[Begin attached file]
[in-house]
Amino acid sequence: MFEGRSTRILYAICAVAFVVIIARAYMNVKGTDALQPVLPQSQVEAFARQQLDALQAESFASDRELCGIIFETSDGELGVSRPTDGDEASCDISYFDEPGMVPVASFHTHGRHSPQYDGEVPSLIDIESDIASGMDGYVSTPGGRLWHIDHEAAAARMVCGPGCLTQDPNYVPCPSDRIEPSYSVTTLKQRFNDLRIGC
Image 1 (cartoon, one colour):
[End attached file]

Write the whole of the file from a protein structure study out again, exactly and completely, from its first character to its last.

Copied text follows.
[in-house]
Amino acid sequence: MFEGRSTRILYAICAVAFVVIIARAYMNVKGTDALQPVLPQSQVEAFARQQLDALQAESFASDRELCGIIFETSDGELGVSRPTDGDEASCDISYFDEPGMVPVASFHTHGRHSPQYDGEVPSLIDIESDIASGMDGYVSTPGGRLWHIDHEAAAARMVCGPGCLTQDPNYVPCPSDRIEPSYSVTTLKQRFNDLRIGC
Image 1 (cartoon, one colour):